Worship leader, are nerves getting the best of you?

As Sunday arrives, the weight of leading worship seems to increase by the second and a legion of self-doubt prompts all the self-talk:

“What if I fail?”

“What if I’m not enough?”

“What if I forget the words?”

“What if the tech fails?”

“What if the band has a complete trainwreck?”

“What if I sing the wrong melody and muddle up the words?”

“What if the worship just doesn’t connect with people today?”

“What if my pastor hates it?”

“What if I receive a stack of nasty comment cards?”

Standing on the platform, your mind is spinning and your heart begins to pump at a rate that alerts your whole body to your painstakingly obvious lack of calm. The invisible sweat beads forming on your hands quickly erode the confident use of your instrument that you felt when you were simply worshipping alone in your bedroom.

It was in that safe place that you envisioned the congregation now standing in front of you lifting their voices in heart-felt, thunderous praise.

Now that vision is a blur, and the confidence you felt is a distant memory.

You have every intention to divert the attention placed on you and the worship team to the only One who is truly deserving of it. But your nerves have taken over, and are drawing more attention to the stage.

So you shut your eyes in a death grip. You're hoping that when you peel your eyes open the inevitable trainwreck you’ve just rehearsed in your mind will have passed, and you'll be able to return to a more comfortable place off stage.

Yet it is there that you begin to wonder…

“Am I really made for this?”

“Do I have what it takes?”

Now I know this is a pretty dire picture, but I’ve been there. And I know that even if you project yourself with confidence, and present comfortably on the platform, you still have those haunting areas where you know you lack confidence.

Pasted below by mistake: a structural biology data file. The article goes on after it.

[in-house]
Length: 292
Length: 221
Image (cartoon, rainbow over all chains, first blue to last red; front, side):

Praying to kick off a worship live stream as part of a collective of worship leaders in North Idaho.

"being confident of this, that he who began a good work in you will carry it on to completion until the day of Christ Jesus."

Philippians 1:6 (NIV)

I want to help you

You see, us worship leaders are like hamsters…

Yes, hamsters!

We often find ourselves realizing that we are in an endless cycle…

Sunday is here.

Sunday is coming…

Sunday is here.

Sunday is coming…

And on and on the cycle goes…

Have you ever felt this way?

I know I have. If we don’t have the right mindsets and sustainable practices to help us confidently prepare for each Sunday, we'll soon find ourselves taken out. We'll be another statistic, another casualty who lasted for a season, but not for the long-haul.

I want to help you be a worship leader who is in it for the long-game, one who leads with confidence, walks in your calling, and ultimately leaves your mark.

In fact, I have something that I believe will help you right now, wherever you are in your worship leading journey.

I want to give you a free guide that will teach you 6 practices you can implement this week so that you can lead worship with greater confidence this Sunday.

These 6 practices are things that I have had to learn the hard way. I wish I would have grasped them a lot earlier on in my worship leading journey.

Baptism By Fire

Let me tell you a bit about my worship leading journey.

I was asked to lead worship for the first time at 21 years of age. It was for a small bible study that was connected to a student ministry at San Diego State University, where I was studying to be a music educator.

As a music major, I knew a bit about music, but I knew nothing about leading worship.

The days when I had hair

As a wandering college student trying to figure out my identity I began to sense a call to ministry in my life, and I ended up transferring to a small Christian college.

One of my teachers became a mentor figure to me and heard me sing for the first time as he officiated my wedding. My mentor was going out to plant a church, and during the ceremony, the Lord revealed to him that I was going to be his worship leader.

There was one problem…

The Lord didn’t reveal that to me, and my mentor didn’t tell me this right away.

So young and in love, my wife and I ventured out to rural North Idaho as newlyweds to be a part of a team of church planters.

Arriving in Bonners Ferry, Idaho

I had no idea what I was doing leading worship besides singing songs and I was keenly aware that there was A LOT that I needed to learn.